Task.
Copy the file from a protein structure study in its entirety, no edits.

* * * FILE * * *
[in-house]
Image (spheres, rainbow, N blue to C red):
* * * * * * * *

[in-house]
Image (spheres, rainbow, N blue to C red):